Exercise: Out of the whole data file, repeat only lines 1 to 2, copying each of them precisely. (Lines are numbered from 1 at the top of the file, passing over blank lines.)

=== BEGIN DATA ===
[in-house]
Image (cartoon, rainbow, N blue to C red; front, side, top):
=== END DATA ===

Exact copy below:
[in-house]
Image (cartoon, rainbow, N blue to C red; front, side, top):